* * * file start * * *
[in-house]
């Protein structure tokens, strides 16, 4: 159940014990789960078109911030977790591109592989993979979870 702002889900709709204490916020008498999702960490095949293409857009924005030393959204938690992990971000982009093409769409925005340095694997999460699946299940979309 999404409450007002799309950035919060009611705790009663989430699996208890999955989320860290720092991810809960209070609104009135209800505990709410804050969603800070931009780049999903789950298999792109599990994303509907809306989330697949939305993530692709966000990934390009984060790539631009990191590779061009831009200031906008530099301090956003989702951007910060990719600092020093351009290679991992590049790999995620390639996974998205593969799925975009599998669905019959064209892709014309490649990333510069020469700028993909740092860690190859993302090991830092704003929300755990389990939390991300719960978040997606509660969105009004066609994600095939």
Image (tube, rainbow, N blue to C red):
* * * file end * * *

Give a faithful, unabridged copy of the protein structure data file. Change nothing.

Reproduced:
[in-house]
């Protein structure tokens, strides 16, 4: 159940014990789960078109911030977790591109592989993979979870 702002889900709709204490916020008498999702960490095949293409857009924005030393959204938690992990971000982009093409769409925005340095694997999460699946299940979309 999404409450007002799309950035919060009611705790009663989430699996208890999955989320860290720092991810809960209070609104009135209800505990709410804050969603800070931009780049999903789950298999792109599990994303509907809306989330697949939305993530692709966000990934390009984060790539631009990191590779061009831009200031906008530099301090956003989702951007910060990719600092020093351009290679991992590049790999995620390639996974998205593969799925975009599998669905019959064209892709014309490649990333510069020469700028993909740092860690190859993302090991830092704003929300755990389990939390991300719960978040997606509660969105009004066609994600095939």
Image (tube, rainbow, N blue to C red):